"I saw the best minds of my generation destroyed by Marxist madness"

In an amazing tale of a world gone mad, I see (via Sean Kinsell and Jeff at Beautiful Atrocities) that San Francisco's City Lights bookstore has banned author Oriana Fallaci.

Reason? She's a "fascist":

although my friend is no fan of Ward Churchill, the faux Indian and discredited professor who notoriously called 9/11 victims "little Eichmanns," he didn't really mind seeing piles of Churchill's books prominently displayed on a table as he walked in.

However, it did occur to him that perhaps the long-delayed English translation of Oriana Fallaci's new book, "The Force of Reason," might finally be available, and that because Fallaci's militant stance against Islamic militants offends so many people, a store committed to selling banned books would be the perfect place to buy it. So he asked a clerk if the new Fallaci book was in yet.

"No," snapped the clerk. "We don't carry books by fascists."

City Lights Books is, of course, famous largely because of its association with the bohemian writers known as "Beatniks" (a term coined by San Francisco columnist Herb Caen). Preeminent among the Beats was Jack Kerouac, author of "On the Road." A rugged individualist all his life, he resented the Culture War when it was still in its infancy:
Despite the 'beatnik' stereotype, Kerouac was a political conservative, especially when under the influence of his Catholic mother. As the beatniks of the 1950's began to yield their spotlight to the hippies of the 1960's, Jack took pleasure in standing against everything the hippies stood for. He supported the Vietnam War and became friendly with William F. Buckley.
Gee, that sounds at least as fascistic as Oriana Fallaci.

I wonder what's going on.

I hope fascism isn't being redefined as opposition to identity politics. Or believing in individual freedom.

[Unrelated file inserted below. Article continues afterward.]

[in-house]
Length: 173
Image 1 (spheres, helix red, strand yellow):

Not coincidentally, City Lights Bookstore is located on a street proudly renamed "Jack Kerouac Alley" in his honor:


At the risk of engaging in counterculture revisionismism, I must ask: was it a good idea for San Francisco to rename a street in honor of a fascist?

posted by Eric on 02.27.06 at 10:23 AM


Kerouac would break these little bitches in half. Here in Oakland, we have Walden Pond books (near moonbat-central's Grand Lake Theater) where you can stock up on Revolutionary Worker & other recycles from the trash bin of history.

Which reminds me, if it ever stops raining, I need to snap a pic of the latest ravings on the Grand Lake's marquee...

beautifulatrocities   ·  February 27, 2006 10:58 AM

Next they'll be calling people "Cultural Fascists".

pikkumatti   ·  February 27, 2006 3:45 PM

Interesting about Kerouac. But then, I guess it's about par for the course. The City also put a poem by the virulently homophobic Kenneth Rexroth on a bus shelter in the Castro.

Patrick   ·  February 27, 2006 3:59 PM

From Cathy's article:

Strangest of all is the scenario of such a person disliking an author for defending Western civilization against radical Islam when one of the first things those poor, persecuted Islamists would do, if they ever (Allah forbid) came to power in the United States, is crush suspected homosexuals like him beneath walls.

I read the novel Prayers for the Assassin (set in 2042 Islamic Republic of America) last week and author Robert Ferrigno describes San Francisco as a radical enclave at odds even with the more moderate Islamic Republic, where they have decorated the crumbling GoldenGate bridge with the skulls of executed gays.

My youngest is in her freshman year at SFSU -- she loves it, she's level headed and she entertains me with tidbits of the more whacky goings-on on campus and the city.

Darleen   ·  February 27, 2006 5:11 PM

To be fair, I've heard conflicting accounts about Fallaci; some say she's gone off the deep end since 9/11, and is now demonizing Islam and Muslims in general, not just Islamofascists. If that's true, then the leftie bookstore would be right -- probably for the first time since Vietnam.

Raging Bee   ·  February 28, 2006 11:32 AM

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